A lot of things have happened over the past few weeks. One of them is that my friend has come to stay for a while, along with her puppy. My cat is less than happy about this arrangement, but after spending the first few weeks inside the wardrobe, she’s now finally emerged and seems to be grudgingly accepting of the canine addition.
Of course, with increased puppy comes increased walking, and a week or so ago we took the dog for a long walk across London. We ended up in Battersea Park, where I stumbled across a Barbara Hepworth sculpture overlooking a lake.
Barbara Hepworth is my favourite sculptor, partly because I find her works beautiful, and partly because of the philosophy behind them. I like to read her words and then look at her art, and think about the relationship between the two.
“I prefer my work to be shown outside. I think sculpture grows in the open light and with the movement of the sun its aspect is always changing; and with space and the sky above, it can expand and breathe.”
“Full sculptural expression is spatial – it is the three-dimensional realization of an idea, either by mass or by space construction. The materials for sculpture are unlimited in their variety of quality, tenseness and aliveness. But for the imaginative idea to be fully and freely projected into stone, wood or any plastic substance, a complete sensibility to material – an understanding of its inherent quality and character – is required. There must be a perfect unity between the idea, the substance and the dimension: this unity gives scale… Vitality is not a physical, organic attribute of sculpture – it is a spiritual inner life.”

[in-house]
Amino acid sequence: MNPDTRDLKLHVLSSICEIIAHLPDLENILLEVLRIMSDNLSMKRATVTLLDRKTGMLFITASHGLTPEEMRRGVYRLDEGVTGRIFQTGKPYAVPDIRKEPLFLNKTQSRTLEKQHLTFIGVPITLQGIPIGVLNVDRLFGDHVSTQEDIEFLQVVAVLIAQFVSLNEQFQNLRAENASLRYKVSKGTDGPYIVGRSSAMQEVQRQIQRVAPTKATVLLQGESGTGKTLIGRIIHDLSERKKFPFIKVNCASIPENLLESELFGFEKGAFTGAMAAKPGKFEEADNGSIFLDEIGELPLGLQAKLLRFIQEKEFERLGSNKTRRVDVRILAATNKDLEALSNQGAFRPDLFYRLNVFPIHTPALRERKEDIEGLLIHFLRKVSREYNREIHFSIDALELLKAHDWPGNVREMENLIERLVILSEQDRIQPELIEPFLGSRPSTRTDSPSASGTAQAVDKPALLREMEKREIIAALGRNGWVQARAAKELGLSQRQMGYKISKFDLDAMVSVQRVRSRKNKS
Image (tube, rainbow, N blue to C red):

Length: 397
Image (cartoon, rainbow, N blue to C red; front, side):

“There is an inside and an outside to every form. When they are in special accord, as for instance a nut in its shell or a child in the womb, or in the structure of shells or crystals, or when one senses the architecture of bones in the human figure, then I am most drawn to the effect of light. Every shadow cast by the sun from an ever-varying angle reveals the harmony of the inside to outside. Light gives full play to our tactile perceptions through the experience of our eyes, and the vitality of forms is revealed by the interplay between space and volume.”
“I am the form and I am the hollow, the thrust and the contour.”
“‘Abstract’ is a word which is now most frequently used to express only the type of the outer form of a work of art; this makes it difficult to use it in relation to the spiritual vitality or inner life which is the real sculpture. Abstract sculptural qualities are found in good sculpture of all time, but it is significant that contemporary sculpture and painting have become abstract in thought and concept. As the sculptural idea is in itself unfettered and unlimited and can choose its own forms, the vital concept selects the form and substance of its expression quite unconsciously.”